Here [Manamoick Bay] Squanto fell ill of Indian fever, bleeding much at the nose, which the Indians take as a symptom of death, and within a few days he died. He begged the Governor to pray for him, that he might go to the Englishman's God in heaven, and bequeathed several of his things to his English friends, as remembrances. His death was a great loss.

Legacy[edit]

His name lives on in place names in Massachusetts' South Shore, most notably in the neighborhood of Squantum, Quincy, Massachusetts.

Film[edit]

References[edit]

  1. ^ "God's Instrument". Christian Post. 
  2. ^ Mann, Charles C. "Native Intelligence". Smithsonian. Retrieved November 30, 2013. 
  3. ^ a b Profile: "Squanto", Biography.com; accessed November 26, 2014.
  4. ^ Winslow, Edward; William Bradford, Caleb Johnson, ed. "Mourt's Relation: A Journal of the Pilgrims at Plymouth, 1622, Part I". The Plymouth Colony Archive Project. Retrieved 2008-11-25.  Cite uses deprecated parameter |coauthors= (help) (Uses modern spelling.)
  5. ^ Gorges, Sir Ferdinand. "A Briefe Relation of the Discovery and Plantation of New England", Baxter 1890, I: 203-40 (1622)
  6. ^ Mann, Charles. 1491: New Revelations of the Americas Before Columbus, New York: Random House, 2005.
  7. ^ Kinnicutt, L.N. (1914–1915). "Plymouth settlement and Tisquantum". Mass. Hist. Soc. Proc. XLVIII: 103–18. 
  8. ^ Alan Axlerod, Little-known Wars of Great and Lasting Impact, p. 101, Fair Winds Press; 1st edition (October 1, 2009); ISBN 1592333753; ASIN: B005UVWT94
  9. ^ Marr, J.S.; Cathey, J.T. (2010). "New hypothesis for cause of an epidemic among Native Americans, New England, 1616–1619". Emerg Infect Dis 16 (2): 281–6. doi:10.3201/eid1602.090276. PMC 2957993. PMID 20113559. 
  10. ^ Weston, Thomas. History of the Town of Middleboro Massachusetts 1669–1905, Boston/New York: Houghton, Mifflin and Company, 1906.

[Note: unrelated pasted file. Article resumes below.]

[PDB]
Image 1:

11. ^ This name may have been a pseudonym, as it meant "mischievous."
  12. ^ Philbrick, Nathaniel. Mayflower: A Story of Courage, Community, and War. Penguin Books (paperback, April 24, 2007); ISBN 0143111973; ISBN 978-0143111979.

Primary sources[edit]

  • Bradford, W. Governor William Bradford's Letter Book. Boston: Applewood, 2002 (reprint from 1906)
  • Bradford, W. Of Plymouth Plantation, 1620–1647. New York: Modern Library 1981 (1856)
  • Morton, T. New English Canaan, or New Canaan. London: Charles Green (1637)
  • Winslow, E. Good Newes from New-England: or A True Relation of Things Very Remarkable at the Plantation of Plimoth in New-England. London: William Bladen and John Bellamie (1664)

Secondary sources[edit]

  • Cell, G.T. "The Newfoundland Company: A Study of Subscribers to a Colonizing Venture", William & Mary Quarterly (WMQ) 22:611-25, 1965.
  • Deetz, J. and P.S. Deetz. The Times of Their Lives: Life, Love, and Death in Plymouth Colony. New York: Random House, 2000; ISBN 978-0-385-72153-0
  • Nash, Struggle and Survival in Colonial America, Berkeley, CA: University of California Press, 228-45, 1989.
  • Salisbury, N. "Squanto: The Last of the Patuxets", D.G. Sweet and G.B. Nash, Struggle and Survival in Colonial America, Berkeley, CA: University of California Press, 228-45, 1989.
  • Salisbury, N. Manitou and Providence: Indians, Europeans, and the Making of New England, 1500–1643. New York: Oxford University Press, 1982.

External links[edit]